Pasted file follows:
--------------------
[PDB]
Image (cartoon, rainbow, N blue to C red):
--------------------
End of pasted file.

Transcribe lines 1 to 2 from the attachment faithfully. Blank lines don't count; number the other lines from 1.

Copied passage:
[PDB]
Image (cartoon, rainbow, N blue to C red):